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Chapter 70 Fix Adds $2.4M to Pittsfield School Budget

By Brittany PolitoiBerkshires Staff
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PITTSFIELD, Mass. — Local and statewide advocacy has led to a correction in Chapter 70 funding, adding another $2.4 million in aid for fiscal year 2025.

Assistant Superintendent for Business and Finance Kristen Behnke reported last week that the state Department of Secondary and Elementary Education has recognized 11 more low-income students in the district, bumping the district back into a higher reimbursement group.

She said it is "very welcome news given this budget situation."

The School Department had missed the cut by 0.04 percent, or two students, costing the district millions in state education aid but this was found to be a technical error.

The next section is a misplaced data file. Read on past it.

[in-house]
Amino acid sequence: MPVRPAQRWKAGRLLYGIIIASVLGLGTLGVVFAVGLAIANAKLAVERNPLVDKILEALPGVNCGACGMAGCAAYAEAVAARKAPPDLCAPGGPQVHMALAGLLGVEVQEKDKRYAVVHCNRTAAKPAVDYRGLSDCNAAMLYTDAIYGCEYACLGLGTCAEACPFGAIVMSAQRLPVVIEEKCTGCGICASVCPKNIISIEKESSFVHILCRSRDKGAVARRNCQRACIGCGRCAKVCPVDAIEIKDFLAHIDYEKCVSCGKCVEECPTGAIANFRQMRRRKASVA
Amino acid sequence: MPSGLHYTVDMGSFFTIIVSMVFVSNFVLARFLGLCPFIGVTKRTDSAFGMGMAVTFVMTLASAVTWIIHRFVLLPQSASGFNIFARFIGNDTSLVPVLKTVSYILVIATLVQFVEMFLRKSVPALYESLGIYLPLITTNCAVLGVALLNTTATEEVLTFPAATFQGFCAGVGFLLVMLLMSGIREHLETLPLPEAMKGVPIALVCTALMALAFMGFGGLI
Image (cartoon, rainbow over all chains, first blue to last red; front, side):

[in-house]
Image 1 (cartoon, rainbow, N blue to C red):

"Because it's a fix to the budget, it's part of the Chapter 70 formula and it's recognized by the House Ways and Means and it's low-income students, we fully expect that this part of the formula will carry through and that we will continue to see this additional funds in the Senate Ways and Means budget, the House and Senate final budgets, and right through to the final state budget so this is really wonderful wonderful news," she told the School Committee.

The fix is a $2,464,181 increase over the governor's budget number, totaling an increase of $3,113,429 from FY24 to FY25. Before the adjustment, the district was staged to receive an increase of $649,248.